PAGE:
February 16, 2023
Today’s Nation & World section of my local newspaper reported on the rising temperatures in the Gulf of Maine. During 2022, the Gulf recorded warming that was faster than most of the world’s oceans. Last year was the second-warmest year on record with an average sea surface temperature of 53.66F (12C), or more than 3.7F (6.6C) above the 40-year average. The accelerated warming is changing an ecosystem that is host to numerous important commercial fishing industries, especially the American lobster (Homarus americanus), in addition to the rare North Atlantic right whales (Balaena australis). Last year fell short of setting the mark for hottest year by less than half a degree Fahrenheit, said scientists with the Gulf of Maine Research Institute, a science center in Portland. Warming is driving species more associated with southern waters into the Gulf of Maine and altering its food chain. That includes species like the black sea bass (Centropristis striata) which prey on the Gulf’s lobsters.
When I looked online, I found the Maine Lobstermen’s Association (MLA) and environmental groups have been locked in a fierce debate over lobster regulations for over a decade. Ecological groups have warned the near-shore vertical fishing lines that connect the seafloor traps to surface buoys can snag whales and call the lines a primary culprit in the devastating collapse of the right whale population. The National Marine Fisheries Service (NMFS) introduced new rules for catching lobsters last year that limit the number of fishing lines in the right whales’ habitat, requiring knots in the lines that can break free when a whale is entangled, and implementing two seasonal fishing ground closures when the whales migrate to northern waters. The July ruling by the US District Court judge in Washington D.C. found the 2018 regulations from the NMFS failed to protect the right whale population, and the agency had violated the federal Endangered Species Act and Marine Mammal Protection Act. Lawmakers in New England have been split on regulations targeting the lobster industry, with Sen. Angus King (I-Maine) accusing Seafood Watch of “literally trying to put these people out of business”. During 2021 Maine’s lobster fishery took in US$724.9 million, a 75% increase from 2020 and the most profitable year in the state’s history.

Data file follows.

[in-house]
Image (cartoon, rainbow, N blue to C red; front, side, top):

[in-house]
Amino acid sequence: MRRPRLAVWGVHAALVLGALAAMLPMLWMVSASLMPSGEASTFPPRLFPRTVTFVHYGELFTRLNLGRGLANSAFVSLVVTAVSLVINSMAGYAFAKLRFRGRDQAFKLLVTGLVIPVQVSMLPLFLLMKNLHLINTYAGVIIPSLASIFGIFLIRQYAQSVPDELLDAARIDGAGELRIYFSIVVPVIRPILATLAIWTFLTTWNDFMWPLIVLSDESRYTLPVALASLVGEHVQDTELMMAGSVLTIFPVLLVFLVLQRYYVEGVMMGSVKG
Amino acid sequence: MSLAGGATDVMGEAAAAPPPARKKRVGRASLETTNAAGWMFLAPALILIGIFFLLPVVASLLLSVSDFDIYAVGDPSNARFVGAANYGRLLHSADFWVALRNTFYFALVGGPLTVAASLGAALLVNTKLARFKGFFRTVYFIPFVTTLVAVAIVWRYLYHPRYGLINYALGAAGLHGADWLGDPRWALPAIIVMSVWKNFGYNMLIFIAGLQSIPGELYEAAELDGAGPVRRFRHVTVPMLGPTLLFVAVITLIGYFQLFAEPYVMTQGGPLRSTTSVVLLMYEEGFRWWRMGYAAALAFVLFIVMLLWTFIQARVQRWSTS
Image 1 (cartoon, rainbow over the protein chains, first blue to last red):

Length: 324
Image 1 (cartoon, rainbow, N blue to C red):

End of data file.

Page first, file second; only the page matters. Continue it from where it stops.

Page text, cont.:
Interestingly, Right whales earned their name because they were once considered so abundant they were known as the “right whale to hunt” and because they floated when they were killed, a plus for 18th and 19th century whalers. Whale numbers plummeted due to overfishing during the 1900’s, and dropped to 268 individuals in 1990, although they slowly rebound to 481 individuals in 2011. The numbers have subsequently dropped each year. Scientists have been concerned with low birth rates, with only fifteen calves born this year. According to the North Atlantic Right Whale Consortium, less than 18 were born last year and only an average of 24 a year in the early 2000’s. Scientists at National Oceanic and Atmospheric Administration Fisheries estimate 85% of right whales have been entangled in fishing gear at least once and efforts to disentangle whales from the gear can be deadly.
THOUGHTS: Protection of any species is a delicate balance between competing resources. The Gulf of Maine’s ecosystem is being disrupted by warming waters that are allowing black bass to migrate north. Overfishing of the Right whale went unchecked for centuries. Now politics and competing lifeways are being used to create a desperate patch to resolve a crisis that had been ignored for too long. In January 2023, the Doomsday Clock was moved forward to 90 seconds (1 minute, 30 seconds) before midnight. Ninety seconds is only an eternity when your team is holding a precarious lead in basketball. Act for all. Change is coming and it starts with you.